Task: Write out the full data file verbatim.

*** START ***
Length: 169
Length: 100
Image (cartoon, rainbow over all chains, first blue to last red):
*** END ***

Length: 169
Length: 100
Image (cartoon, rainbow over all chains, first blue to last red):